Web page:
Sigmund Freud’s Experience with the Classics


  • Fabio Stok Università di Roma



Freud, catharsis, Aristotle, Vergil, Rome.


Classical culture played an important role in the work of Sigmund Freud and influenced the formation of psychoanalysis. This influence concerned several aspects of Freud’s experience: the personal one, from his adolescent identification with ancient heroes to his emotional bond with Rome and Athens; the intellectual, including his use of authors such as Aristotle and Artemidorus the elaboration of psychoanalytical theory; rhetorical and expositive in his use of classical authors such as Sophocles and Vergil, and in his strategy of identifying thinkers such as Plato and Empedocles as forerunners of his theories. The present article reconstructs the evolution of this strategy, which began in 1900, in conjunction with the definition of the basic concepts of psychoanalysis. Some specific episodes of Freud’s approach to the classics are also examined: his reception of Aristotle’s concept of catharsis, and of the interpretation of this concept given by Bernays; Freud’s interest in Vergil, highlighted by his use of verses from the Aeneid in his works; his conflictual relationship with Rome; the use of Empedocles as a predecessor of the changes that Freud made, in his last years, to the theory of pulsions.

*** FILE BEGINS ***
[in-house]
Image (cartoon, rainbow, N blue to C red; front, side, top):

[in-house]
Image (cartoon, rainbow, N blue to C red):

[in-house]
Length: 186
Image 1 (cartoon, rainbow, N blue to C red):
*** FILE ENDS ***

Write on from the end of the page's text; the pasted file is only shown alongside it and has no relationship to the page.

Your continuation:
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Como Citar

Stok, F. (2011). Sigmund Freud’s Experience with the Classics. Classica - Revista Brasileira De Estudos Clássicos, 24(1/2), 57–72.